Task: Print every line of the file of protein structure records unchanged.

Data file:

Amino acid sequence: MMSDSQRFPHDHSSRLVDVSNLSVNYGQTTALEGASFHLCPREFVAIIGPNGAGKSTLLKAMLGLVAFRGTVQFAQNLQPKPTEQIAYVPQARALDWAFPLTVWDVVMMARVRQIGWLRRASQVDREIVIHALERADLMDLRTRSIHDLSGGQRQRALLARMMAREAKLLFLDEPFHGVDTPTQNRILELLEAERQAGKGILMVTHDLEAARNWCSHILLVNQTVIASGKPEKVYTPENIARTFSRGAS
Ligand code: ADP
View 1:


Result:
Amino acid sequence: MMSDSQRFPHDHSSRLVDVSNLSVNYGQTTALEGASFHLCPREFVAIIGPNGAGKSTLLKAMLGLVAFRGTVQFAQNLQPKPTEQIAYVPQARALDWAFPLTVWDVVMMARVRQIGWLRRASQVDREIVIHALERADLMDLRTRSIHDLSGGQRQRALLARMMAREAKLLFLDEPFHGVDTPTQNRILELLEAERQAGKGILMVTHDLEAARNWCSHILLVNQTVIASGKPEKVYTPENIARTFSRGAS
Ligand code: ADP
View 1: